“Why is that? From an inconceivable beginning comes transmigration. A beginning point is not evident, though beings hindered by ignorance and fettered by craving are transmigrating & wandering on. Long have you thus experienced stress, experienced pain, experienced loss, swelling the cemeteries — enough to become disenchanted with all fabrications, enough to become dispassionate, enough to be released.”

Samsāra is the overarching problem. It denotes the endless aspect of dukkha.

There is no beginning, no matter how far back you look, and even death, the Buddha teaches, is not an end.

There is no heavenly existence, no matter how beautiful, that offers a permanent solution.

Sooner or later things change.

Ahba teaches that it is important to recognize that we are trapped in this continuous cycle of life and death, constantly subject to suffering, as a result of desire.

At first, this may be just a postulate to reflect on from time to time, but through sustained contemplation combined with experience and insight from concentration meditation, this cycle can become a source of energy and determination, culminating in the thought (AN 2:5):

“Gladly would we let the flesh & blood in our bodies dry up, leaving just the skin, tendons, & bones, but if we have not attained what can be reached through human firmness, human persistence, human striving, there will be no relaxing our persistence.”

Dukkha is inherent in all existence. Only the end of the conditioned, of becoming, i.e. Nibbāna, is permanent.

Three Characteristics of Existence

The Buddha taught three characteristics (ti-lakkhaṇa) that apply to all existence in Samsāra, namely impermanence (anicca), unsatisfactoriness (dukkha) and non-self or selflessness (anatta).

Nibbāna, on the other hand, is permanent and free from unsatisfactoriness, but even Nibbāna has no self, is selfless.

Thus, the attainment of Nibbāna is not the joining with a greater whole or merging a universal power or principle, with Brahma, the divine or something similar. For all these examples are based on a concept of ‘I’ or the merging of the ‘I’ with ‘something’.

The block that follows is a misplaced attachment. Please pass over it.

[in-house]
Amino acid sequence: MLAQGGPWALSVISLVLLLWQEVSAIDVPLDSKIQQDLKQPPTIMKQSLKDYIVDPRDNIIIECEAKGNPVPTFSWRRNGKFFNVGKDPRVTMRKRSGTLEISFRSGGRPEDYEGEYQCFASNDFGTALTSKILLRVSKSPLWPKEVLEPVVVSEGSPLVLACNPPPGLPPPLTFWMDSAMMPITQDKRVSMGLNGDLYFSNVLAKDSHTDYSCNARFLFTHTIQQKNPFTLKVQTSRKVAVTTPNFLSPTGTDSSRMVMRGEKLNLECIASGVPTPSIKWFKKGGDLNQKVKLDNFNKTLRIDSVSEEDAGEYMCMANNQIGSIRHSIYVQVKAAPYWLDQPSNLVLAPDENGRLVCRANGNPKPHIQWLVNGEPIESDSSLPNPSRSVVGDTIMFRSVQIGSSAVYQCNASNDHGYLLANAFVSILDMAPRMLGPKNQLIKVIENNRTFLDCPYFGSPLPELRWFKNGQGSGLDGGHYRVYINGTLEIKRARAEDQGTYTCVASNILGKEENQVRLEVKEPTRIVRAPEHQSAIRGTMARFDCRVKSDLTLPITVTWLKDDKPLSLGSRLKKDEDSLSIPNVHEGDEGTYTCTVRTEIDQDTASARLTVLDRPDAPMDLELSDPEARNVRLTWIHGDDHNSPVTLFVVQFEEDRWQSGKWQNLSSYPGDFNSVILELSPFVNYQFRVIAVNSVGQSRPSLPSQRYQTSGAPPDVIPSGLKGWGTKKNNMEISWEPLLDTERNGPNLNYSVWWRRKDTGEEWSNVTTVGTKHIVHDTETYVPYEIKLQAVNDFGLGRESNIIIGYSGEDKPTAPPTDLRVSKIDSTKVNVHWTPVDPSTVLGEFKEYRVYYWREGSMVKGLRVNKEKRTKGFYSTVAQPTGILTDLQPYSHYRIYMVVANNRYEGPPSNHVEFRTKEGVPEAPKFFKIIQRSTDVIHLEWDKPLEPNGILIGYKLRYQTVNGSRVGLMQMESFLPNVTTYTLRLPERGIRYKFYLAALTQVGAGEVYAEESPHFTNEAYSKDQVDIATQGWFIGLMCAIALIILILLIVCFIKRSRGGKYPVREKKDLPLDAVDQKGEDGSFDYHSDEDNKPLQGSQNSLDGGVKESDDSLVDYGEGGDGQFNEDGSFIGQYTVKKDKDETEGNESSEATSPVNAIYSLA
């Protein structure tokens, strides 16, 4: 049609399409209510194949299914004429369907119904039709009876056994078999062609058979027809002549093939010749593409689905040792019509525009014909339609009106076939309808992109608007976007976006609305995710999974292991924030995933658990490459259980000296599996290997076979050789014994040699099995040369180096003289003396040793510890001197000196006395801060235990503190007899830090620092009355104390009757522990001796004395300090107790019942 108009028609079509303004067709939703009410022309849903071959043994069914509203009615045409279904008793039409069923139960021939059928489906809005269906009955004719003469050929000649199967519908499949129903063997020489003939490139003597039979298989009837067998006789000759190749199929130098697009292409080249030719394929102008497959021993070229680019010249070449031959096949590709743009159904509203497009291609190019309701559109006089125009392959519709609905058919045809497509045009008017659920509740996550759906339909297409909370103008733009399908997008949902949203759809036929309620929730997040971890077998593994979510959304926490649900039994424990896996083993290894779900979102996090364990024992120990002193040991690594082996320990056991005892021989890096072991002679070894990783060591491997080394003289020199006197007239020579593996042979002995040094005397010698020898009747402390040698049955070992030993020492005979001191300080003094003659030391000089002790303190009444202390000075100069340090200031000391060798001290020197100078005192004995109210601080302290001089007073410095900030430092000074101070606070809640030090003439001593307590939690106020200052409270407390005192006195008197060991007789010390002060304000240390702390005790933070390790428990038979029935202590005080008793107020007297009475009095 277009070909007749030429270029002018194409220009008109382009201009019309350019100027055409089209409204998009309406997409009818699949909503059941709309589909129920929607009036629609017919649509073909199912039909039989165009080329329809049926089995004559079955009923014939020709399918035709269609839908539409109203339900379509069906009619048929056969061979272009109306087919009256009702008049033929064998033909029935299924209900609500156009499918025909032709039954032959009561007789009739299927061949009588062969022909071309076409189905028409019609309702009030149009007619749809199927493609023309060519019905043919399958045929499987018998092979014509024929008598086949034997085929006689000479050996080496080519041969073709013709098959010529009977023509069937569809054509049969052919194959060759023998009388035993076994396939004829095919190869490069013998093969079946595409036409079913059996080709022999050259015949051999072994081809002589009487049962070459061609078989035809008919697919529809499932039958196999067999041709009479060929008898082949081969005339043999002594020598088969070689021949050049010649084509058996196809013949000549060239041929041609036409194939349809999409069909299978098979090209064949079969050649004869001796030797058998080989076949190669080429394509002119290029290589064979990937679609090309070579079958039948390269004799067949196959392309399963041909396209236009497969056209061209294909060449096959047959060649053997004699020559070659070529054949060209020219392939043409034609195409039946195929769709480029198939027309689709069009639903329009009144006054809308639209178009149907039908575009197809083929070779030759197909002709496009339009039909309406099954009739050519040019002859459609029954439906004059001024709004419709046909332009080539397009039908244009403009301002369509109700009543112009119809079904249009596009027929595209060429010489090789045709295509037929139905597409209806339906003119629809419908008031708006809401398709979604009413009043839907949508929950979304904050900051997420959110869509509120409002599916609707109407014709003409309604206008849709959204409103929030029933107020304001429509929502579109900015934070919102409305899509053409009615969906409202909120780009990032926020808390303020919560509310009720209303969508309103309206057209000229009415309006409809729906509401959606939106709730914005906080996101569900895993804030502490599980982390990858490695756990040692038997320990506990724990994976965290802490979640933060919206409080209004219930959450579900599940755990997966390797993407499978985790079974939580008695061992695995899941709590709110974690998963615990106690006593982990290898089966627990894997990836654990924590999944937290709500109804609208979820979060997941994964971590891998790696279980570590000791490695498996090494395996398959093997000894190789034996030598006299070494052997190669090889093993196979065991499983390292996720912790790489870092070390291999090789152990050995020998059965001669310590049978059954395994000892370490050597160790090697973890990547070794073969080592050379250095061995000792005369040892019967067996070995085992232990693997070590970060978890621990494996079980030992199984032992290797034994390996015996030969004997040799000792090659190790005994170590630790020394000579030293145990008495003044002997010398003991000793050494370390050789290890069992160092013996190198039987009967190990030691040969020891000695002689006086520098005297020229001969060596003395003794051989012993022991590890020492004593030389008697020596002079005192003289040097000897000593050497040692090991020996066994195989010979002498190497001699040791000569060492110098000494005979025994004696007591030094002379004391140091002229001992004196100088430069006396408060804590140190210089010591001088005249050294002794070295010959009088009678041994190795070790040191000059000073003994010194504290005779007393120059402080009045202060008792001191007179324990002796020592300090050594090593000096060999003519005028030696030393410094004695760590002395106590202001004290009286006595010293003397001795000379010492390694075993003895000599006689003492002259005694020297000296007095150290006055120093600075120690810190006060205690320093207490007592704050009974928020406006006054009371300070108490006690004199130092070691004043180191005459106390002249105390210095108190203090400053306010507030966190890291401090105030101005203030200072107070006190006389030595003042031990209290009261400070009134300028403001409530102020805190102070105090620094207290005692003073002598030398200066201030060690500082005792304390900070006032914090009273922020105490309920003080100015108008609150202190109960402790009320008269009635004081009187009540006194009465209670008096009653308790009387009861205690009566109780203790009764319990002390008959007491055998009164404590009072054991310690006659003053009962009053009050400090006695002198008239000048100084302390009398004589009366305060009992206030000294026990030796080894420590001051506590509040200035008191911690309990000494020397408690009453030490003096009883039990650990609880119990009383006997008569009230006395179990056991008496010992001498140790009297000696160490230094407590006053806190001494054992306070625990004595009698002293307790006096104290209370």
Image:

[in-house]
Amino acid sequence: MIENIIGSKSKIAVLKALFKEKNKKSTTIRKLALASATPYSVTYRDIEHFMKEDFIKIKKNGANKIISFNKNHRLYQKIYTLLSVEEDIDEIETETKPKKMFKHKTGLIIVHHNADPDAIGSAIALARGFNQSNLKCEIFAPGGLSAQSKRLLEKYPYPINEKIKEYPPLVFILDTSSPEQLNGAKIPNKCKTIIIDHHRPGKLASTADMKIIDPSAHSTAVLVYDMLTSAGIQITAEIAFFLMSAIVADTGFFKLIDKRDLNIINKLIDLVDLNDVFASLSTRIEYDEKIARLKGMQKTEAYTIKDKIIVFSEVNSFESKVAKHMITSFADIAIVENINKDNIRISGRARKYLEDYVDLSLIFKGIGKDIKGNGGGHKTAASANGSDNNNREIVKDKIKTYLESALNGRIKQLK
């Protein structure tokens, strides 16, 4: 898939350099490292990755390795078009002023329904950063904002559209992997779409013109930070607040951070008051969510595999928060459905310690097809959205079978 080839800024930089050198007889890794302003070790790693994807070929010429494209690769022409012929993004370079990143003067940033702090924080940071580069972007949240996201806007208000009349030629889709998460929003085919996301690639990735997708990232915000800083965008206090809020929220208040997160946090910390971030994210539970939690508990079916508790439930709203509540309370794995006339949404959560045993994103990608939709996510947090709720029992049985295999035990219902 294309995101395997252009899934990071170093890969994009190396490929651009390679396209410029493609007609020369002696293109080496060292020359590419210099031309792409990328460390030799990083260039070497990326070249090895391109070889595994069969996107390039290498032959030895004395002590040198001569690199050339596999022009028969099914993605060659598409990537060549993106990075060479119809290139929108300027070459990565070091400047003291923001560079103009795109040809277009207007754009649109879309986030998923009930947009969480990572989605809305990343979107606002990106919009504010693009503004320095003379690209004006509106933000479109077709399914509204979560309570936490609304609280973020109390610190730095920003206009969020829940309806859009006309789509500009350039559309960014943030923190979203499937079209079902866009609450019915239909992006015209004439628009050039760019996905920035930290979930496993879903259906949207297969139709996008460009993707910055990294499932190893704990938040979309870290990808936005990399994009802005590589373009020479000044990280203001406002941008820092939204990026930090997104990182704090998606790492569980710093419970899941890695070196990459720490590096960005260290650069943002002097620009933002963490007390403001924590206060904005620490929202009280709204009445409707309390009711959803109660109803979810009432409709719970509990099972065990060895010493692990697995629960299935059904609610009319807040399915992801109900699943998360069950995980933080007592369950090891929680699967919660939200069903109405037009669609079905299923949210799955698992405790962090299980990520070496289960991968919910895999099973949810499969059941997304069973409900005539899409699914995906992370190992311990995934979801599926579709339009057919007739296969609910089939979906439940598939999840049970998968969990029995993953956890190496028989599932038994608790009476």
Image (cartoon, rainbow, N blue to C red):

The three characteristics are of great importance because direct experiential insight into one of these characteristics opens the gate to Nibbāna.

By understanding that everything is impermanent, unsatisfactory and without an identifiable self, the mind can be released and become completely free from desire, hatred and ignorance.

Impermanence (anicca) is often summed up in the Pali Canon with the expression ‘all that has arisen will pass away’.

So important is the rise and fall of things that the Buddha devoted his very last words to this (DN 16):

“Perishable, subject to change, are all formations. Aim relentlessly [for liberation]!”

And even after the death of the Buddha, Sakkha, king of the gods, emphasizes its importance with the words (DN 16):

“Conditions are impermanent, their nature is to rise and fall; having arisen, they cease; their stilling is true bliss.”

At first glance this seems a simple and in everyday life very recognizable statement in the sense of ‘everything comes to an end’, but the words of the Buddha have a more far-reaching meaning than that.

The rising and passing away happens from moment to moment, with such an enormous speed that to everyday perception these moment seem to be a continuous stream.

It can be compared to a movie in which the fast playback of separate images creates the illusion that there is actually movement.

It is the same for mental processes and matter. If concentration is high enough, insight and wisdom can be developed by looking at this instantaneous rise and fall.

With high concentration, you can see that the total of mental processes and matter (nāma-rūpa) is distorted.

It is not the simple observation that a thought comes and goes or the body changes from day to day, for that is a very gross observation.

It is about experiencing at the most subtle level that both the matter of the body and its environment and the mental continuum consist of separate moments that are in continuous flux.

And if impermanence is seen, the other two characteristics follow naturally.

If we cling to that which is impermanent with the misconception that it is permanent, dukkha arises, the second characteristic of existence that we have looked at before.

After the explanation of impermanence and the earlier explanation of dukkha, we will now dwell on non-self (anattā), one of the most crucial terms in Dhamma.